Plywood QC Inspection Checklist : Part 14 Production PROCESS (One time ,two times ,three times )
In order to make it easier for readers to understand the production process of plywood, I try to explain the whole process in simple English.
In China ,especially in the film faced plywood production process ,we always say one time hot pressing ,two times hot pressing ,or three times hot pressing .But I prefer to say 1 step production ,2 steps production or 3 steps production .Actually they are the same things .
The main differences between 1 Step and 2 step is the production process; and depending on the plywood application needs, the benefits of one over the other is more evident.
1 Step Plywood is produced by hot pressing the veneer and overlay film at the same time. It is important to remember that the platform substrate face veneer is not sanded. The potential for grain and patch transfer is present.
2 Step Plywood, however, is produced by hot pressing the platform substrate and overlay paper or veneers or film separately. The platform substrate top face veneer is fully sanded and repaired. Because of this, the risk of grain and patch transfer for plywood is greatly reduced. The benefits of 2 Step are how it is used for architectural purposes: smooth, textured or coated plywood. Balanced construction ensures panel stability
In the plywood industry ,also have other types of production process ,Technologies are always innovative, costs are always lowered as far as possible, quality is always improved, and resources are always used more reasonably.
Standard One-Step — Comprised poplar or eucalyptus in a line-by-line construction. This traditional veneer core construction is predominantly used for commodity structural uses panels and is suitable for use with faces of dark colored commodity ,non-appearance grade plywood .
Premium One-Step — Combination of sanded core with smooth grade outer crossbands selected for uniform color and surface smoothness next to the face and back, assembled in a line-by-line construction. Recommended for commercial grade plywood for low quality plywood .
Standard Two-Step — Platforms comprised of regular sanded core .Sanded before they are assembled with the face and back. Pre-sanding gives two-step panels a tighter thickness tolerance than one-step. Suitable for use with faces of darker premium sliced woods where color variation from outer crossbands is not a concern, such as bingtangor ,okoume ,pine ,pencil cedar ,film ,birch .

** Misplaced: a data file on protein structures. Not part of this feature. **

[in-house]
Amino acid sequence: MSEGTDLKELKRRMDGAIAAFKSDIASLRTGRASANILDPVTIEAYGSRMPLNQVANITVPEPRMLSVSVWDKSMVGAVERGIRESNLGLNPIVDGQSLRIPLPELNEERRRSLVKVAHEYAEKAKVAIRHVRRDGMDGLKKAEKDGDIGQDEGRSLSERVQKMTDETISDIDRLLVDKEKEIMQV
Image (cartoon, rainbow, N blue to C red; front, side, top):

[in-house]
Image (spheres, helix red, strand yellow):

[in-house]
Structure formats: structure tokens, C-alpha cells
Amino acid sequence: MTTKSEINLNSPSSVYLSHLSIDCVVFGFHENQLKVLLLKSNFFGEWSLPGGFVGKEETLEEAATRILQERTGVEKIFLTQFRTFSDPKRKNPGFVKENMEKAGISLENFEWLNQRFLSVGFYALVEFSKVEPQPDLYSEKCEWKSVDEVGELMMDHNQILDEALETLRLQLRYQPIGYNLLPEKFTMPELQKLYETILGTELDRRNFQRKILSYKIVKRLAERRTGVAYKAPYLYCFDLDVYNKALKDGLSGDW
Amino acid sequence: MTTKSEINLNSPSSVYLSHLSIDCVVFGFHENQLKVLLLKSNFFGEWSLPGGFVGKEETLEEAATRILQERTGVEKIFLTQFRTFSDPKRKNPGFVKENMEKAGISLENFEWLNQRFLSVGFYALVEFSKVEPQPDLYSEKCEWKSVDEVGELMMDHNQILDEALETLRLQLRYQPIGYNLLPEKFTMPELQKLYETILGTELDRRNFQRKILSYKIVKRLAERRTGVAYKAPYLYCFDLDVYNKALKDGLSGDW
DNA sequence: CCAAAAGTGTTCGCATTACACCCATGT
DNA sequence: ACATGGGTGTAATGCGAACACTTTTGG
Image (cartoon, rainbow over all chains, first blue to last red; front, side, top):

Premium Two-Step — Platforms comprised of the sanded core with good grade outer crossbands are selected for uniform color and surface smoothness and then sanded before they are assembled with the face and back,suitable for cherry, alder, red oak, walnut and hickory, Works well for high-grade rotary UV panels and dark sliced UV panels .
Pre-sanding gives two-step panels a tighter thickness tolerance than one-step, Suitable for use with faces of lighter-colored premium sliced woods such as high-end maple, anigre, bamboo, sycamore and sap birch.
A step means the panel has gone through the entire manufacturing process: lay-up, press, trim and sanding. For one-step, the panel goes through the manufacturing process and is then graded and delivered. Two-step means the core is pressed in the first step and is then patched and sanded, before being returned to have the front and back veneers applied by the press during the second step. Finally, it is finished, graded and delivered.
The one-step process costs less, which is an important factor for many applications. It uses a thicker rotary cut veneer, great for common, less expensive wood species such as okoume,bingtangor ,pine ,birch ,pencil cedar ,film ,HPL. With thicker outer veneers, the core does not need to be as smooth and uniform and there is a slimmer possibility of telegraphing (where the core color and surface finish show through).
Many factoriesl use the two-step process if the panel requirements call for a high-end wood species, a higher quality face and/or a tighter thickness tolerance. Being able to sand and repair the core prior to adding the final veneers creates considerable process control. Using a more exotic veneer costs more, therefore the veneer is cut thinner using a slicer instead of a rotary cutter. With the rotary cutter, a less expensive veneer is used, but better control of the core is required.